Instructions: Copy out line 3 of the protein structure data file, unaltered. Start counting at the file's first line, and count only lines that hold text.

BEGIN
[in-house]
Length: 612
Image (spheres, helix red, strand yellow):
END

Image (spheres, helix red, strand yellow):